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[en] Transformation-optics devices of arbitrary shapes usually result in material parameters inside the device that feature level sets of different shapes. Consequently, these devices cannot easily be implemented using a layered architecture and thus are, generally, more difficult to realize in practice. We present a method of designing two-dimensional transformation-optics devices of arbitrary shapes characterized by material parameters of same-level sets, thus suitable to be implemented through concentric layers, each layer being made of a single type of material or metamaterial. Remarkably, we show that transformations leading to such designs are obtained from solutions to the well-known eikonal equation. This approach allows fabrication techniques developed for cylindrical designs of circular cross section to be directly applied to devices of other shapes.
[en] We show that complex coordinates used in conjunction with transformation optics offer an extra degree of freedom that allows control over not only the propagation direction of electromagnetic waves but also their amplitude. We illustrate this idea in two applications. First, we show that in an n-dimensional space one can manipulate the field amplitude for up to n different amplitude distributions in regions that are critical to the performance of the device under consideration, and thus reduce the device's sensitivity to design imperfections in these regions. Second, we expand previous work on reflectionless perfectly matched layers and show how complex coordinates and transformation optics are a natural choice for designing perfectly matched layers of arbitrary shape.
[en] Optimization techniques are efficient methods to simplify the design of transformation optics devices. Asymmetric devices obtained through these methods typically lose omnidirectionality and perform well only when illuminated from a finite set of directions. We present here an optimization approach that results in simplified, omnidirectional designs of fairly large bandwidths. The method leverages a class of coordinate transformations that result in transformation media whose material parameters follow identical isocontours. We show that discretizing these media in a finite number of layers that follow the common isocontours and optimizing the material parameters inside each layer is an effective way to significantly simplify the design complexity while preserving most of the original performance including omnidirectionality. (paper)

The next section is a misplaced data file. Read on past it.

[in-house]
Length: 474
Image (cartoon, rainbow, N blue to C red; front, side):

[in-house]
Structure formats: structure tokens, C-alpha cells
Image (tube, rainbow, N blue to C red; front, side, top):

[en] The ability to create linear systems that manifest broadband nonreciprocal wave propagation would provide for exquisite control over acoustic signals for electronic filtering in communication and noise control. Acoustic nonreciprocity has predominately been achieved by approaches that introduce nonlinear interaction, mean-flow biasing, smart skins, and spatio-temporal parametric modulation into the system. Each approach suffers from at least one of the following drawbacks: the introduction of modulation tones, narrow band filtering, and the interruption of mean flow in fluid acoustics. We now show that an acoustic media that is non-local and active provides a new means to break reciprocity in a linear fashion without these deleterious effects. We realize this media using a distributed network of interlaced subwavelength sensor–actuator pairs with unidirectional signal transport. We exploit this new design space to create a stable metamaterial with non-even dispersion relations and electronically tunable nonreciprocal behavior over a broad range of frequencies. (paper)
[en] Zetea lake grading project comprises an earthen dam, made out of local materials, having as main purposes water supply, flood control and protection against flooding. The paper analyzes the possibility of building a small hydropower plant at the base of the dam, using private investment resources, in order to put to good use the water flow evacuated from the storage lake. (authors)
[en] We present here two diffractive acoustic lenses with subwavelength thickness, planar profile, and broad operation bandwidth. Tapered labyrinthine unit cells with their inherently broadband effective material properties are exploited in our design. Both the measured and the simulated results are showcased to demonstrate the lensing effect over more than 40% of the central frequency. The focusing of a propagating Gaussian modulated sinusoidal pulse is also demonstrated. This work paves the way for designing diffractive acoustic lenses and more generalized phase engineering diffractive elements with labyrinthine acoustic metamaterials.